In your development environment, you should always be looking for manners to improve the productivity of your work: do it quicker, but don’t compromise the quality of your work. The latter is one of the reasons why we started our QA-Viewer-for-Apex.
Therefore, my favorite — and in my opinion — the most useful Apex session at the conference was given by Patrick Wolf.
He showed how you can write quicker and better code by extending the “toolset” within your apex development workplace with “open source” tools. On the one hand, Patrick demonstrated a set of tools around Mozilla Firefox which are useful for any webdevelopment (Firebug, WebDeveloper, Yslow and Live HTTP Header). On the other hand, Patrick developed his own extensions on top of the Apex Application Builder: the ApexLib, the Apex Builder plug in and Apex Essentials. Probably you can read more about in on other blogs or on Patrick’s site
Bottom line is, that everybody should consider to add this tools to his Apex development workplace.
End of this month we organize together with Oracle Belgium our annual seminar on Apex.
For more then 3 years we are doing projects with Oracle Application Express and want to share our knowledge and our experience with the Oracle community.
In the first part of the seminar we will give first a small introduction on the product, its positioning and architecture. Next we will give an overview of the different kind of applications you can build with Apex from internet- over extranet- to intranet or back-office applications. Where possible we will refer to applications we already realized.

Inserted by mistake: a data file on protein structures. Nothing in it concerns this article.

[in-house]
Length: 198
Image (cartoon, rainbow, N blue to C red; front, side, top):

After a break we will explain our Apex Development Approach. This is a very pragmatic approach and can be considered as an assemblage of standards, guidelines, tips, standard solutions and custom-developed tools (like xTra4o, QA, …).
In between we will give a demo of the most important new features of the latest version Apex 3.1.
All presentations will be in Dutch. Belgium customers that want to join the seminar, can subscribe here.
In one of my previous blogs, I already told we grouped the different QA-checks-you-want-to-perform in a single Apex application.
A special attention point is that this application needs to be imported in the workspace where the application resides that you want to control. This is due to the way the apex_ repository views are designed: you only see those applications where the different schemas assigned to the workspace have access to.
Since the last blog, we changed a little bit our approach. At that time, we had the idea tho group all related qa-checks in one UNION’ed view, containing ALL the queries for the different controls.
The main disadvantage of this implementation is that each time you want to add an extra check, you need to modify the view; this means doing some DDL.
Therefore, we decided to store the SQL-statements in a separate column related to each different control. Following screenshot, shows you the page that is used to add/modify a pre-defined control:
The sample query is used to check whether the Report Column Headings are always aligned the same way: Left, Right or Center. As you can see we do not hardcode one of those possible options in the where clause; but retrieve the standard-alignment-for-the-columns via a function call (Pck$QA_APEX_Standards.heading_alignment).
Therefore we created a separate table where we define all kind of parameters of which the value can differ from applicaton to application. The following screenshot shows the page where the parameter “heading_alignment” is defined with his default value.
If you want to differ from this default value for a given application, we have foreseen the possibility (via a second table), to store for a specific application (GWI in the example) the standard-value we agreed on with our end-users. This permits to have different standards for different apex-applications in the same workspace.